Gale Hill Jany 28th. 1806
That an appeal to the justice and Humanity of the President of the United States should be thought presumptuous when that appeal is honest & principled I can not allow myself to suppose; for I have been ever taught to reason differently. It was my respect for that character which made me commit the error (if it was an error) to confide in the honor of Mr. Saml Carr & to pay him in money for an estate to which he had no deed of title, upon his bond being given with securities & his solemn promise pledged that no time should be lost in procuring me a sufficient one.
Pressing affairs of the utmost consequence to my family oblige me to return to Europe, and I have an opportunity now of selling the property (Gale Hill) to Mr. Brodie who would purchase it for one of his children. I hope I may be excused for expecting that the President’s influence with his nephew may be recurred to without disrespect or offense to accelerate a business which has been at a stand for more than two years.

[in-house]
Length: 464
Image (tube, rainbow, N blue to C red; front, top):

I have my bond to Mr. S. Carr with his receipt on the back for the purchase of the property & Mr. Carr’s bond & securities for the title to prove the principle upon which this appeal is made. Several letters to Mr. Carr have not been noticed.
I have the honor to be Sir, Your excellency’s most obedient & most humble Servant
Saml De Butts
PS. Mr. Brodie desires me to present his respectful compliments to you & begs leave to inquire if a letter which he did himself the honor to address to you & put into the Alexandria post office the week before last, has been received.
DLC: Papers of Thomas Jefferson.